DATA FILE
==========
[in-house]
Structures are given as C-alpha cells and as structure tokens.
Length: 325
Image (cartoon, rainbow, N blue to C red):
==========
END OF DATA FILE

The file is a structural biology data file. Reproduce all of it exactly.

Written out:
[in-house]
Structures are given as C-alpha cells and as structure tokens.
Length: 325
Image (cartoon, rainbow, N blue to C red):